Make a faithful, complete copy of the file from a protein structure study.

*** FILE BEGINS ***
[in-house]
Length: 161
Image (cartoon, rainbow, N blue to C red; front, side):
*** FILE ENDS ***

[in-house]
Length: 161
Image (cartoon, rainbow, N blue to C red; front, side):